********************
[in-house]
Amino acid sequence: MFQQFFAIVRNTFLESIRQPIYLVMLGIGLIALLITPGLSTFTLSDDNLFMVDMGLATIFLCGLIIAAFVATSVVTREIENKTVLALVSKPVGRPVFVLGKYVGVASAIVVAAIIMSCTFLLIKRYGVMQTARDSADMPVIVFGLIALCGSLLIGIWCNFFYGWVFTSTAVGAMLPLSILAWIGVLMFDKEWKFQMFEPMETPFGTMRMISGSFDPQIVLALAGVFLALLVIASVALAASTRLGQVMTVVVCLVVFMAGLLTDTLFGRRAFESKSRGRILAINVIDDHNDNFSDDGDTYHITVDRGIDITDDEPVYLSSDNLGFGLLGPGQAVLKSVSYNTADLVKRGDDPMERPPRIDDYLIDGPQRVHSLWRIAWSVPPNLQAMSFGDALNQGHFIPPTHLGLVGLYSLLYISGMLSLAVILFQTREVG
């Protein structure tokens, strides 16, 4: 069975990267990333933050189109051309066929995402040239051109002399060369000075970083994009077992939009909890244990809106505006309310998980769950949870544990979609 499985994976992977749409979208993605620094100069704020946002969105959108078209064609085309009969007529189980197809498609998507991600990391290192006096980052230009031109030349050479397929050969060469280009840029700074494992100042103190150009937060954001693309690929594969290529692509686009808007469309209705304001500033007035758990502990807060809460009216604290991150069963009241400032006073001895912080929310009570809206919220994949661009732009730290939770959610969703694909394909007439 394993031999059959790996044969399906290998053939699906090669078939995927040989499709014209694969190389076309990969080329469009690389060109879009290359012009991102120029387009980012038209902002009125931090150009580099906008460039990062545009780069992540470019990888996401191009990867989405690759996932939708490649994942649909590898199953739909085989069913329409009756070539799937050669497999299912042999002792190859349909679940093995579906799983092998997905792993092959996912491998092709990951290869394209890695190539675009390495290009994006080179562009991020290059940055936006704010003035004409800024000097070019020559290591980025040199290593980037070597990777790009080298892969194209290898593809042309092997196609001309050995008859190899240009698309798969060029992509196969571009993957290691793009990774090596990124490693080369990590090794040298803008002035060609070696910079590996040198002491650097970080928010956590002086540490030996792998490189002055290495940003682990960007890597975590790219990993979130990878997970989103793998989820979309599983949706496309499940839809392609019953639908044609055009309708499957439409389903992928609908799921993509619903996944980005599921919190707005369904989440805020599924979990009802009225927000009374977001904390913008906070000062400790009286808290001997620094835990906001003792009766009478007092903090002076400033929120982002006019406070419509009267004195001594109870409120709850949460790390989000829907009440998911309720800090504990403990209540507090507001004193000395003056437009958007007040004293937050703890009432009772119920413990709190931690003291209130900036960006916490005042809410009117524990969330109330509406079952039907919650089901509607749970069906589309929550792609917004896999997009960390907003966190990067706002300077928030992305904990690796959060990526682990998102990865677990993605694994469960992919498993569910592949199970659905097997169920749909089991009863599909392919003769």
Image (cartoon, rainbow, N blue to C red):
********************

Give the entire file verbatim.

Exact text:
[in-house]
Amino acid sequence: MFQQFFAIVRNTFLESIRQPIYLVMLGIGLIALLITPGLSTFTLSDDNLFMVDMGLATIFLCGLIIAAFVATSVVTREIENKTVLALVSKPVGRPVFVLGKYVGVASAIVVAAIIMSCTFLLIKRYGVMQTARDSADMPVIVFGLIALCGSLLIGIWCNFFYGWVFTSTAVGAMLPLSILAWIGVLMFDKEWKFQMFEPMETPFGTMRMISGSFDPQIVLALAGVFLALLVIASVALAASTRLGQVMTVVVCLVVFMAGLLTDTLFGRRAFESKSRGRILAINVIDDHNDNFSDDGDTYHITVDRGIDITDDEPVYLSSDNLGFGLLGPGQAVLKSVSYNTADLVKRGDDPMERPPRIDDYLIDGPQRVHSLWRIAWSVPPNLQAMSFGDALNQGHFIPPTHLGLVGLYSLLYISGMLSLAVILFQTREVG
């Protein structure tokens, strides 16, 4: 069975990267990333933050189109051309066929995402040239051109002399060369000075970083994009077992939009909890244990809106505006309310998980769950949870544990979609 499985994976992977749409979208993605620094100069704020946002969105959108078209064609085309009969007529189980197809498609998507991600990391290192006096980052230009031109030349050479397929050969060469280009840029700074494992100042103190150009937060954001693309690929594969290529692509686009808007469309209705304001500033007035758990502990807060809460009216604290991150069963009241400032006073001895912080929310009570809206919220994949661009732009730290939770959610969703694909394909007439 394993031999059959790996044969399906290998053939699906090669078939995927040989499709014209694969190389076309990969080329469009690389060109879009290359012009991102120029387009980012038209902002009125931090150009580099906008460039990062545009780069992540470019990888996401191009990867989405690759996932939708490649994942649909590898199953739909085989069913329409009756070539799937050669497999299912042999002792190859349909679940093995579906799983092998997905792993092959996912491998092709990951290869394209890695190539675009390495290009994006080179562009991020290059940055936006704010003035004409800024000097070019020559290591980025040199290593980037070597990777790009080298892969194209290898593809042309092997196609001309050995008859190899240009698309798969060029992509196969571009993957290691793009990774090596990124490693080369990590090794040298803008002035060609070696910079590996040198002491650097970080928010956590002086540490030996792998490189002055290495940003682990960007890597975590790219990993979130990878997970989103793998989820979309599983949706496309499940839809392609019953639908044609055009309708499957439409389903992928609908799921993509619903996944980005599921919190707005369904989440805020599924979990009802009225927000009374977001904390913008906070000062400790009286808290001997620094835990906001003792009766009478007092903090002076400033929120982002006019406070419509009267004195001594109870409120709850949460790390989000829907009440998911309720800090504990403990209540507090507001004193000395003056437009958007007040004293937050703890009432009772119920413990709190931690003291209130900036960006916490005042809410009117524990969330109330509406079952039907919650089901509607749970069906589309929550792609917004896999997009960390907003966190990067706002300077928030992305904990690796959060990526682990998102990865677990993605694994469960992919498993569910592949199970659905097997169920749909089991009863599909392919003769």
Image (cartoon, rainbow, N blue to C red):